Kuato Studios are at it again, after their Dinosaur game, but this time they have launched an Africa themed game called Safari Tales. My daughter loves anything to do with big cats, so this game had immediate appeal.
Safari Tales is a large game, and I had to clear some space off my Android device before I was able to install it. That’s pretty standard for my phone though – it’s always warning me that it’s out of space. I decided to download it for Kindle instead, to take the pressure off my phone.
Safari Tales starts with the player adding their name and reading age – I put in 5 for my five year old, so instructions were in text and spoken.
You start the game as a baby elephant, with the first instruction to find the Jungle Beat Band (may differ from game to game), so off you trot (do elephants trot?) to find the band. I found the rotating controls really hard at first, but maybe I have fat fingers or something, because my kids had no trouble with them. They do take some getting used to though.
Another instruction is to find the baby crocodile by the waterfall – easy enough, till you plop into the water and find yourself going weeeeeeeeee down a waterslide, snakes and ladders style, and have to set off again looking for the crocodile.
Each area has it’s own games and instructions – like when you find the band, the player ‘makes music’ by clicking on each animal’s button. Players move on to find the other baby animals. On the way they are given tasks, must locate stickers and can ask Darwin the Meerkat questions about life in the jungle.
Darwin gives access to a fountain of knowledge about safari animals, fossils, mineral, footprints, and other African topics via a word wheel which helps your child build grammatically and syntactically correct questions.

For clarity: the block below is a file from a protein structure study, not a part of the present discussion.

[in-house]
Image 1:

Something that I like and find quite unique to the other games my children play is that their actions in the game are recorded in a ‘story book’, so when you go to the story book section, you’ll see how your elephant – Esha, is ours – spent their day: running off to find the band, making music with them, setting off to find the crocodile baby, but falling down the water slide before playing about in the pools, and so on.
One thing that struck me was that your elephant has to cross bridges and narrow walk ways on his journey, and isn’t actually able to fall down into the deep ravines. This was a relief to me, as I thought that would be a bit brutal! There are invisible barriers that keep your game players safe.
From a parent controls point of view, you are able to set up one game player at a time – you have to delete their profile if you want someone else to play in their place, with a different reading age – and you can set how much time can be spent on the game in one sitting – 10 minutes to 45 minutes.
The game is quite ‘rough’ – it doesn’t have the smooth graphics you might think of with other games, but it’s rather gritty and simultaneously sweet. The animal characters are cute and loveable, and the game has loads of different elements to keep young players busy.